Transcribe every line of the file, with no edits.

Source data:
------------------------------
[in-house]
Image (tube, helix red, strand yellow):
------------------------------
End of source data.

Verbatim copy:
[in-house]
Image (tube, helix red, strand yellow):